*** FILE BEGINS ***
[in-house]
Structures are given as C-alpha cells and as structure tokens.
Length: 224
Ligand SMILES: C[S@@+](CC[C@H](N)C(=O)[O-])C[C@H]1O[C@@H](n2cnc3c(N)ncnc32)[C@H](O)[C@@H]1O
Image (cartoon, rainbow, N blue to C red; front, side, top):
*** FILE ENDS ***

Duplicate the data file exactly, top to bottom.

[in-house]
Structures are given as C-alpha cells and as structure tokens.
Length: 224
Ligand SMILES: C[S@@+](CC[C@H](N)C(=O)[O-])C[C@H]1O[C@@H](n2cnc3c(N)ncnc32)[C@H](O)[C@@H]1O
Image (cartoon, rainbow, N blue to C red; front, side, top):